September Net Worth Update

If you’re just joining, our family of four is on a three-year journey to double our net worth and become location independent. Each month(ish), I’ll keep you apprised of our progress. This year, we’ve got some major goals, including paying off our outstanding debt (car and apartment in Chile), replacing our roof, AND saving around $70,000. As of August, we were roughly 21% of the way to doubling our net worth.

After an unusually warm spell, we’re finally getting the insanely gorgeous leaves New England is known for. As I drive to and from work, I’m privy to the most amazing shows of reds on the trees.

September Net Worth Update---www.thethreeyearexperiment.com

We’re well into the school year. The Junior ThreeYears are adapting to their new classes and homework. I keep adding more students that I need to work with to my schedule, so I’m less and less part-time. I’ve literally used up all my hours in the school day and will now be eating lunch while working with a student. At least I’m paid hourly!

One of the highlights of the month was my first solo girls’ trip in something like ten years. I met my best college friend at my sister’s house in Charlotte and we spent the weekend perusing a local farmers’ market, checking out local dining and brunch options, and catching up. I had such a great time that I vowed to take more of these trips. The best part was, Mr. ThreeYear and the boys had a wonderful time together at home. They went to the movies, went out to lunch at their favorite Mexican restaurant, and had a great time bonding while I was away.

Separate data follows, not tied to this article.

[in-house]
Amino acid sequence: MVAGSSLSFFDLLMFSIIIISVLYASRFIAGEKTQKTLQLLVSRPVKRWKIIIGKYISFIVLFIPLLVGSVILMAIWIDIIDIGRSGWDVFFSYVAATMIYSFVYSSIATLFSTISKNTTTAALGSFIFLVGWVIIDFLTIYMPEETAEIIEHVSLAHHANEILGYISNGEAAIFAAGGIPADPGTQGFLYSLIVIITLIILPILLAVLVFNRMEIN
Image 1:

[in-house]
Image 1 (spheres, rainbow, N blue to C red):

Girls' weekend--www.thethreeyearexperiment.com
My friend and I spent the weekend hanging out in Charlotte and surrounding areas. Here we are in Davidson, enjoying the Saturday Farmer’s Market.

We spent gobs of money in September. Our biggest purchase was our tickets to Chile. Our plan was to buy them with airline miles, but in the end, we decided against that. Mr. ThreeYear wanted to go during Christmas and New Year’s, so it would have taken an insane number of miles for each ticket (something like 120,000 each). We didn’t have enough for four tickets and we thought it made sense to save them. Our second biggest purchase was my master’s course. I have three more to go after this. And I had to pay quarterly taxes as well, although those numbers don’t show up in our spending report. Since I’m working so much this year, I’m setting aside 20% of my paychecks for taxes. I may start setting aside 25%, just to be safe. It’s hard to know exactly what I’ll owe since the amount of money I make varies so much, so it’s better to play it safe.